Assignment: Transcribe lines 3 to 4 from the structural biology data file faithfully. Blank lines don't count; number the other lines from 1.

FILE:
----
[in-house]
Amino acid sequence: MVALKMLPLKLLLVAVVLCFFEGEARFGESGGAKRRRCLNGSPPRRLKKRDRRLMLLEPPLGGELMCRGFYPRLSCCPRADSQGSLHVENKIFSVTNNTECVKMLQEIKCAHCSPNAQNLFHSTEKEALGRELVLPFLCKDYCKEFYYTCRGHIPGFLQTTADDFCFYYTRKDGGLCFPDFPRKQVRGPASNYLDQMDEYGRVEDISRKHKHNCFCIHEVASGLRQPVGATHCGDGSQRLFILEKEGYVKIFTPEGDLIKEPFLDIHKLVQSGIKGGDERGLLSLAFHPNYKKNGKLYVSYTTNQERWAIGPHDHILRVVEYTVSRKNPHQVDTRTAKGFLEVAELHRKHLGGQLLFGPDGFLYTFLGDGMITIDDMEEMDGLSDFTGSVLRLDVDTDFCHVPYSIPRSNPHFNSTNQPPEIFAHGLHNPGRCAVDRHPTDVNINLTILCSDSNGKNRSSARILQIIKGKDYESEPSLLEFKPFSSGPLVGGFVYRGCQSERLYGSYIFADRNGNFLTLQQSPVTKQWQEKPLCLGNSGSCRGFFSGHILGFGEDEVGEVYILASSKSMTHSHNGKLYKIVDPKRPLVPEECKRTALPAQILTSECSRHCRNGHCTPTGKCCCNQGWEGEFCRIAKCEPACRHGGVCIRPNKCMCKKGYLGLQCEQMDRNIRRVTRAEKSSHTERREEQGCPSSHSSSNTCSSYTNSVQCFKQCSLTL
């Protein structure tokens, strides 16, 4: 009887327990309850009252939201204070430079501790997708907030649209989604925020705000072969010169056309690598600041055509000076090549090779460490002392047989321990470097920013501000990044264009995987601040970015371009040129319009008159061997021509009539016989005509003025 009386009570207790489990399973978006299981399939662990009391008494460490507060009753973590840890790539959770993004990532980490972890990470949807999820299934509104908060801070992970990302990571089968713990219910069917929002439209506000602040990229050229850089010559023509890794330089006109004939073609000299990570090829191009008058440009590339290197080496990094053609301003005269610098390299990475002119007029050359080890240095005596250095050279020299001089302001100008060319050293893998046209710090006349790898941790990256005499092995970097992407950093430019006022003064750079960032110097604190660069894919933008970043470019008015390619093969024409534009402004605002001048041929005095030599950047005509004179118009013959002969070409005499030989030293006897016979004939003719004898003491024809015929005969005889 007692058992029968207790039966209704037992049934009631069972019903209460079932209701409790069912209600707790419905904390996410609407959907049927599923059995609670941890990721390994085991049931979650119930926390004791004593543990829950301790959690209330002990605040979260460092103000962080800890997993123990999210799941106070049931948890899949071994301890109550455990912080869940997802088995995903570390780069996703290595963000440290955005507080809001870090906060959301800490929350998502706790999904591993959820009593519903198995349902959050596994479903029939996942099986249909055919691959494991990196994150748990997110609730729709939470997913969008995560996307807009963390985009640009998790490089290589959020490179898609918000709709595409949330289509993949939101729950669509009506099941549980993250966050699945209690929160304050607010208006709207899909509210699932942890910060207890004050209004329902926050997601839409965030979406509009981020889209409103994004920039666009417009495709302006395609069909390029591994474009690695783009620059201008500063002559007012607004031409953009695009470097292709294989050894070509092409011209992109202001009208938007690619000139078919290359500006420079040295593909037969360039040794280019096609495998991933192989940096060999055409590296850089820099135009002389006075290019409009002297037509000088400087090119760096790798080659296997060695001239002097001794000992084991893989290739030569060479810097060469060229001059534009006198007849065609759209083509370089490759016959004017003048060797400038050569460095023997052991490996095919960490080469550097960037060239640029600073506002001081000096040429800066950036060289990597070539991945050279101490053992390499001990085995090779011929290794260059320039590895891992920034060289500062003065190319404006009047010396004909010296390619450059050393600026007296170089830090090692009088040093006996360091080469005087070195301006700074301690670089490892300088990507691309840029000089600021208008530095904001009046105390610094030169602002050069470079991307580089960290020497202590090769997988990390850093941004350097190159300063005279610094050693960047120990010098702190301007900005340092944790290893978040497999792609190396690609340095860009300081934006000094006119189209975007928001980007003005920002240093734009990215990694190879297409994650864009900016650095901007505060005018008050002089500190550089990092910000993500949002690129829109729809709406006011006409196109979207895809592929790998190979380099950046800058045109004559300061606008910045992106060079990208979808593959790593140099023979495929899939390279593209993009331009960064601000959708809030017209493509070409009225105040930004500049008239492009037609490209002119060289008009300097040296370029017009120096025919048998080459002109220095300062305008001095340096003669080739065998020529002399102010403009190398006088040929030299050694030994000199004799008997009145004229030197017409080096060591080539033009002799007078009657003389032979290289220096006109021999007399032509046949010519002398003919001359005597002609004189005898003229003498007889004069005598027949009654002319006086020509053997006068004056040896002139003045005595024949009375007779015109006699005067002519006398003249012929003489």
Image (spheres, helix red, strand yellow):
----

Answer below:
């Protein structure tokens, strides 16, 4: 009887327990309850009252939201204070430079501790997708907030649209989604925020705000072969010169056309690598600041055509000076090549090779460490002392047989321990470097920013501000990044264009995987601040970015371009040129319009008159061997021509009539016989005509003025 009386009570207790489990399973978006299981399939662990009391008494460490507060009753973590840890790539959770993004990532980490972890990470949807999820299934509104908060801070992970990302990571089968713990219910069917929002439209506000602040990229050229850089010559023509890794330089006109004939073609000299990570090829191009008058440009590339290197080496990094053609301003005269610098390299990475002119007029050359080890240095005596250095050279020299001089302001100008060319050293893998046209710090006349790898941790990256005499092995970097992407950093430019006022003064750079960032110097604190660069894919933008970043470019008015390619093969024409534009402004605002001048041929005095030599950047005509004179118009013959002969070409005499030989030293006897016979004939003719004898003491024809015929005969005889 007692058992029968207790039966209704037992049934009631069972019903209460079932209701409790069912209600707790419905904390996410609407959907049927599923059995609670941890990721390994085991049931979650119930926390004791004593543990829950301790959690209330002990605040979260460092103000962080800890997993123990999210799941106070049931948890899949071994301890109550455990912080869940997802088995995903570390780069996703290595963000440290955005507080809001870090906060959301800490929350998502706790999904591993959820009593519903198995349902959050596994479903029939996942099986249909055919691959494991990196994150748990997110609730729709939470997913969008995560996307807009963390985009640009998790490089290589959020490179898609918000709709595409949330289509993949939101729950669509009506099941549980993250966050699945209690929160304050607010208006709207899909509210699932942890910060207890004050209004329902926050997601839409965030979406509009981020889209409103994004920039666009417009495709302006395609069909390029591994474009690695783009620059201008500063002559007012607004031409953009695009470097292709294989050894070509092409011209992109202001009208938007690619000139078919290359500006420079040295593909037969360039040794280019096609495998991933192989940096060999055409590296850089820099135009002389006075290019409009002297037509000088400087090119760096790798080659296997060695001239002097001794000992084991893989290739030569060479810097060469060229001059534009006198007849065609759209083509370089490759016959004017003048060797400038050569460095023997052991490996095919960490080469550097960037060239640029600073506002001081000096040429800066950036060289990597070539991945050279101490053992390499001990085995090779011929290794260059320039590895891992920034060289500062003065190319404006009047010396004909010296390619450059050393600026007296170089830090090692009088040093006996360091080469005087070195301006700074301690670089490892300088990507691309840029000089600021208008530095904001009046105390610094030169602002050069470079991307580089960290020497202590090769997988990390850093941004350097190159300063005279610094050693960047120990010098702190301007900005340092944790290893978040497999792609190396690609340095860009300081934006000094006119189209975007928001980007003005920002240093734009990215990694190879297409994650864009900016650095901007505060005018008050002089500190550089990092910000993500949002690129829109729809709406006011006409196109979207895809592929790998190979380099950046800058045109004559300061606008910045992106060079990208979808593959790593140099023979495929899939390279593209993009331009960064601000959708809030017209493509070409009225105040930004500049008239492009037609490209002119060289008009300097040296370029017009120096025919048998080459002109220095300062305008001095340096003669080739065998020529002399102010403009190398006088040929030299050694030994000199004799008997009145004229030197017409080096060591080539033009002799007078009657003389032979290289220096006109021999007399032509046949010519002398003919001359005597002609004189005898003229003498007889004069005598027949009654002319006086020509053997006068004056040896002139003045005595024949009375007779015109006699005067002519006398003249012929003489």
Image (spheres, helix red, strand yellow):